The Impossible Burger, which first appeared in grocery stores in September, is made entirely of plant-based ingredients. But it looks, smells, feels and — most importantly — tastes so much like real hamburger beef that it's hard to tell the difference between, say, the Impossible Whopper now available at Burger King and the original charred-flesh version that the fast food chain has been selling for decades.
In fact, plant-based burger alternatives from companies such as Impossible Foods and Beyond Meat, both based in California, have evolved so far from the cardboard-tasting alternatives of yore that they have triggered a backlash from the beef industry.
The Center for Consumer Freedom, a nonprofit that advocates on behalf of the fast food and meat industries, among others, has launched an "informational" campaign targeting plant-based meats. The campaign has included TV and online ads, as well as print ads in newspapers. The ads seem to imply that not only is a faux burger an "ultra-processed" patty, but that it might be junk food that is even junkier than the average beef burger.
While it's true that a plant-based meat alternative is processed — meaning altered in the preparation process, like just about everything else at the grocery store — and it's true that eating one is not as healthy as say, a pile of raw vegetables, it's best to take the ads with a generous pinch of salt. (Or sodium, which the ads correctly note is higher in precooked plant patties than in the beef kind.)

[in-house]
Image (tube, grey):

For instance, the additives and preservatives in plant-based meat highlighted in one ad sure sound scary. Who wants something called titanium dioxide in their meal? But the truth is that additives such as those listed in the ads are regularly used in all sorts of packaged foods.
And if methyl cellulose, a food thickener, sounds unappetizing, it's really nothing compared with the E. coli or salmonella poisoning you can get from regular meat. The truth is that beef and other industrial meats are often packaged with things a lot more dangerous to human health than food additives. You want to talk about a public health threat? The widespread prophylactic use of human-grade antibiotics in cows and other livestock has contributed greatly to the rise of lethal antibiotic-resistant organisms.
Besides, the ad campaign misses the bigger point. Choosing an Impossible or Beyond burger at one of the growing number of fast food and sit-down restaurants that offer them isn't just about eating healthfully (though they typically have less fat and cholesterol than beef hamburgers). Burgers, be they made from processed pea protein or processed slaughtered mammal, will never be as healthy as organic raw vegetables.
What's appealing is the prospect of enjoying a juicy burger without the bitter aftertaste of guilt.
Because, let's face it, there are tremendous environmental costs to eating cows. Cattle ranching is contributing to climate change, and not just because methane from cows and livestock is responsible for about 14.5% of greenhouse gas emissions. More broadly, our global food production system emits more than a third of the world's greenhouse gases.
Yet we can't seem to curb our meat appetite even knowing that huge swaths of the Amazon forest have been razed, and continue to be cut down to make room for more cattle to feed the growing demand for beef.
FROM AN EDITORIAL IN THE LOS ANGELES TIMES